Dealing with Rocky Soil

by April Reinhardt
(last updated July 13, 2015)

One of the most difficult challenges gardeners face is that of trying to grow plants in rocky soil. Imagine placing a seed onto a stone slab and expecting it to take root. Logic dictates that a plant won't grow on a rock slab, and the same holds true even if the rock is just under the surface of top soil. Since roots require nutrients from soil to grow, along with sun and water, plant roots cannot penetrate through rock to find the nutrients and water they need to survive. So, what can you do if you discover that your soil is rocky? While you can take extreme measures and hire a backhoe to burrow through rock, or even more drastic, blast through the rock, even those procedures might not alter the soil to the degree plants need to grow.

Instead, consider supplementing the existing topsoil with more soil to create at least a foot of growing soil above bedrock. The steps to amend soil for growing are simple enough. Follow these steps to amend rocky soil to create a perfect growing environment:

  1. Create compost to use in your existing soil from wood bark, wood chips, manure, leaves, leaf mold, grass and plant trimmings, stems, stalks, branches, and paper. Throw onto the hap any other organic matter you have, but take care not to use weeds or foodstuffs such as meat.
  2. Till your rocky soil with a garden tiller, and remove obvious large rocks. This step may take several days, depending upon the amount of soil you want to amend.
  3. Dump your compost on top of the tilled soil and till the area again and again.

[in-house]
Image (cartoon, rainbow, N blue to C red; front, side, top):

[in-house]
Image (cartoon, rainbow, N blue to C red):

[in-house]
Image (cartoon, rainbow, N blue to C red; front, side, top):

4. Continue to add compost over several weeks until you have at least one foot of rich soil to grow your plants.

While you could simply apply a layer of composted material and soil over the compacted rocky soil, doing so is counterproductive since the roots of plants go in search of water and food. The roots won't penetrate the rock and will, instead, wither and die. It is much better to take several months or years creating a perfect layer of growing material for your plants, rather than to rush and just have a few inches of pretty—but unusable—top soil.

You may also consider working with what you have and find plants that will grow in rocky soil. Visit your local extension office, or speak with the staff at a qualified nursery to determine which types of plants will grow in your local rocky soil, appropriate for your growing zone.

Author Bio

April Reinhardt

An admin­istrator for a mutual fund man­age­ment firm, April deals with the writ­ten word daily. She loves to write and plans to author a memoir in the near future. April attend­ed More­head State Uni­ver­sity to pursue a BA degree in Ele­men­tary Edu­ca­tion. ...

MORE FROM APRIL

Low Fat Desserts

Let's face it. Even when we're watching our weight and trying to eat healthy, there are times that we want a dessert. After ...

Discover More

Cleaning Asphalt Shingles

Most home owners are surprised to learn that the stains they see on their roof are caused by fungus, and do not result from ...

Discover More

Preventing Broadleaf Weeds

The best method for preventing broadleaf weeds in your lawn is to practice good lawn-mowing techniques, adequately water and ...

Discover More
MORE GARDENING TIPS

Seed Garden

There is more to a seed garden than simply going out and picking up a few packets of seeds and planting them. If you are ...

Discover More

Home Hydroponic Gardening

If you are interested in doing some home gardening, but really don't have a whole lot of space you may want to consider home ...

Discover More

Building a Box Garden

Building a box garden is easy to do, and can provide you with fresh vegetables and flowers year 'round, if grown indoors. All ...

Discover More
Subscribe

FREE SERVICE: Receive an e-mail several times each week with a featured gardening tip. Enter your address and click "Subscribe."

Comments for this tip:

There are currently no comments for this tip. (Be the first to leave your comment—just use the simple form above!)

Videos

Subscribe to the Tips.Net channel:

Visit the Tips.Net channel on YouTube

Subscribe

FREE SERVICE: Receive an e-mail several times each week with a featured gardening tip. Enter your address and click "Subscribe."

(Your e-mail address is not shared with anyone, ever.)

Links and Sharing
Share